In Chloranthaceae, the C‐value estimate of 3.6 pg for Chloranthus spicatus reported here is similar to previous reports for two other Chloranthaceae species: 1C = 2.9 pg for Chloranthus officinalis and 1C = 4.4 pg for Sarcandra glabra (Bennett et al., 2000). The chromosome number of 2n = 30 obtained for C. spicatus agrees with previous reports for the species and is considered to be diploid (Song, 2000).

Together the 14 C‐values now available for these basal angiosperms range 16‐fold, from 1C = 0.6 pg in Nymphaea caerula (Nymphaeaceae) to 9.52 pg in Austrobaileya scandens (Austrobaileyaceae). This range falls towards the lowest 14% of the c. 1000‐fold range encountered in angiosperms (see Introduction).

Cvalues in magnoliids

Our estimate of 1C = 1.13 pg for Drimys vickeriana is the first value reported for the magnoliid family Winteraceae. It is only a fifth of the estimate of 1C = 5.8 pg for Canella winterana which is in the sister family Canellaceae. Together Canellaceae and Winteraceae comprise Canellales (Qiu et al., 2000), one of the four higher orders of the magnoliid clade, the other three being Laurales, Magnoliales and Piperales (Qiu et al., 2000). Since the analysis by Leitch et al. (1998), the number of C‐values for magnoliids has doubled, with data now available for 60 species and ranging 14.5‐fold, from 1C = 0.4 pg in Friesodielsia obovata to 5.8 pg in Canella winterana (Bennett & Leitch, 2001). The C‐value reported for Drimys vickeriana therefore falls within this range.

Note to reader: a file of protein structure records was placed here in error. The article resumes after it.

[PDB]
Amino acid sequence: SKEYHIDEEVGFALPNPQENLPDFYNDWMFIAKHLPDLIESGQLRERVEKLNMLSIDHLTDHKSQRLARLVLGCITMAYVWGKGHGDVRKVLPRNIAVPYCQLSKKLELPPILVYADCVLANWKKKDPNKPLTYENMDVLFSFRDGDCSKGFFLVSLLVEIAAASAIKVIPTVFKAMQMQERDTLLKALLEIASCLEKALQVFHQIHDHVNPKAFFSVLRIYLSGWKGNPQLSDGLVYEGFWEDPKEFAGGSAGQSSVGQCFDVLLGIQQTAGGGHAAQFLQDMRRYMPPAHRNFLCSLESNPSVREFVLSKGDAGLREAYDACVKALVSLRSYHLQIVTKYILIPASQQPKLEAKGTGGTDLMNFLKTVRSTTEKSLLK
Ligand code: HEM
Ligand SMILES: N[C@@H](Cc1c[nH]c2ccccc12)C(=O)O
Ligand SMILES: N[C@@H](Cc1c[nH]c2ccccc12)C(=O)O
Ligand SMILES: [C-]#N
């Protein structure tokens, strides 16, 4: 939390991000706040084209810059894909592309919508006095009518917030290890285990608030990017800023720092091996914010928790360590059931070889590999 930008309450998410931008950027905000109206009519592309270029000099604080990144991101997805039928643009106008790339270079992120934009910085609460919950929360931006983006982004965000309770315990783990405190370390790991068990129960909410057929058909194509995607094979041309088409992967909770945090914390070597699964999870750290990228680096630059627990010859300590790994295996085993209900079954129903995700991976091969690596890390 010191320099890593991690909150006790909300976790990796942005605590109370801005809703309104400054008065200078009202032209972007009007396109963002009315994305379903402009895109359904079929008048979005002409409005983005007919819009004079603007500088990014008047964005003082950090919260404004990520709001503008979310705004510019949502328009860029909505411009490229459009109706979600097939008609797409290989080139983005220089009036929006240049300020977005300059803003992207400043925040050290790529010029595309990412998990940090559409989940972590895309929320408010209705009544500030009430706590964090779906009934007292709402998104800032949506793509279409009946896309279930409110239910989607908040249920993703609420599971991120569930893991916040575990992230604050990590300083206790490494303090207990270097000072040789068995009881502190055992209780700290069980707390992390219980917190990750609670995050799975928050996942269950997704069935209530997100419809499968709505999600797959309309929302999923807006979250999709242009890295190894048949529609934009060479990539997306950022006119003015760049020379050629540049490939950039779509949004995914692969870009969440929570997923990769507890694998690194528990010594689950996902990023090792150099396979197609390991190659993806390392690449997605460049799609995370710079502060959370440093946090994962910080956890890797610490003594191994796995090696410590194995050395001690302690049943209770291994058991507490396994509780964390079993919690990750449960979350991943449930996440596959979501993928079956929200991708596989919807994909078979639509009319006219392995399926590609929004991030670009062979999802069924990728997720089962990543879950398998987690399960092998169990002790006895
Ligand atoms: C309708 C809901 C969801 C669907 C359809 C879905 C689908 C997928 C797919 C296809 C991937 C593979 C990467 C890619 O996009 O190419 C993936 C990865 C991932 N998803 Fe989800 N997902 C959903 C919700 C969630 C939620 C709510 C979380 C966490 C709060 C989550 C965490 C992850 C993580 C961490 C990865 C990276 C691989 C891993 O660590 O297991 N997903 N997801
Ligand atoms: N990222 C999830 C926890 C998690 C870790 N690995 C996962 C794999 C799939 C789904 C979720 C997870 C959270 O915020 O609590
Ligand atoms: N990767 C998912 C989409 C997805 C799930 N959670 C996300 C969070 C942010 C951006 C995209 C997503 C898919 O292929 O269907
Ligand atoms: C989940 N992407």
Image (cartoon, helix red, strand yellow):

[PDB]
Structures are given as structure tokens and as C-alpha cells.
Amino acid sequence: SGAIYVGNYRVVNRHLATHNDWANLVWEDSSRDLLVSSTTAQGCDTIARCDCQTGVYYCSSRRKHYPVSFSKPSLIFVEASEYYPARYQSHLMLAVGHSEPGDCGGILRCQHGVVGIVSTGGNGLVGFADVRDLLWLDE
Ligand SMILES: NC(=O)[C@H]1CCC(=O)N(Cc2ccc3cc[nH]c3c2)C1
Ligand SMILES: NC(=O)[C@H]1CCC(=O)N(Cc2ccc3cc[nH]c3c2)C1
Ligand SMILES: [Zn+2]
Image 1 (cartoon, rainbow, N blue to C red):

The future

New studies, particularly those targeting systematic gaps in the data, have contributed significantly to an increase in the phylogenetic coverage of C‐value data. For example, two papers by Hanson et al. (2001a,b) have increased familial representation of data from 34% to 44.8%. With the new data presented in the current paper which have filled all familial gaps in basal angiosperm families, and with an increasingly robust angiosperm phylogeny now available, it is timely to repeat and enlarge the large‐scale phylogenetic analysis of C‐values by Leitch et al. (1998) to provide a deeper insight into the evolution of DNA amounts in angiosperms.

Acknowledgement

The authors thank Iain Dawson of the Australian National Botanic Gardens, Canberra for kindly providing the material of Piptocalyx moorei used in this study.